Use this URL to cite or link to this record in EThOS: https://ethos.bl.uk/OrderDetails.do?uin=uk.bl.ethos.746885
Title: Integrating individual psychology and social networks
Author: Weis, Laura Maria
ISNI:       0000 0004 7226 9551
Awarding Body: UCL (University College London)
Current Institution: University College London (University of London)
Date of Award: 2017
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Abstract:
Using a wide range of methodological and theoretical frameworks this thesis aims to integrate the social network approach with psychological research. Chapter 1 provides an overview of the network perspective and the wide range of theories, concepts and applications. Further, a novel structural framework is offered, integrating the most important measures of network-positioning. Chapter 2 contains four studies examining how an individual’s personality and motivation relates to their perception of, and actual social network positioning. Study 1 shows that personality influences how people perceive themselves in social networks and that this perception moderates the well-researched relationship between personality and subjective wellbeing. The second study demonstrates that (similarity on) the Big Five personality factors affect the likelihood of selecting and attracting social network ties. Yet, effects are small and somewhat inconsistent with previous literature. Results of Study 3 did not support our hypothesis that differences in motivation are associated with the occupation of different social network positions, in an organizational setting. Lastly, study 4 shows how an individual’s political skill relates to his/her preferred and perceived personal networks, and their joint effect on job attitudes. Chapter 3 links SNA with Social Cognition research. Study 1 demonstrates that high self-monitors are perceived as more similar to the self, and that this (partly) accounts for the well-known effect of self-monitoring on popularity in friendship networks. Study 2 examines if, and concludes that perceptions of high popularity negatively affects the quality of a friendship relations. Lastly, Study 3 demonstrates that an individual’s sense of power negatively impacts perceptual accuracy of dyadic relations in a friendship network. Chapter 4 emphasizes qualitative aspects of social network relations. Study 1 suggests that average frequency of tie “activation” as well as advice ties that co-occur with more personal ties, lead to increased levels of employee engagement. Study 2 demonstrates that costs of giving and benefits of receiving advice are more pronounced in informal, compared to formal work networks. Overall, it is concluded that the social network approach provides a powerful research tool for psychologists, yet being fraught with both methodological as well as theoretical challenges.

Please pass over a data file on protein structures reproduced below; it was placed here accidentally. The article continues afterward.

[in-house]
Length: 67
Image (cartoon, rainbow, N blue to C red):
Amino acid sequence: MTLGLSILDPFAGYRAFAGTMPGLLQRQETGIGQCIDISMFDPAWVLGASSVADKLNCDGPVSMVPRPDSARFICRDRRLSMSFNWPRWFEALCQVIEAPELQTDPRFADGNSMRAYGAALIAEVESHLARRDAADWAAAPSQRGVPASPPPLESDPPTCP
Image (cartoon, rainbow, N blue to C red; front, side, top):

Supervisor: Furnham, A. F. Sponsor: Not available
Qualification Name: Thesis (Ph.D.) Qualification Level: Doctoral
EThOS ID: uk.bl.ethos.746885  DOI: Not available
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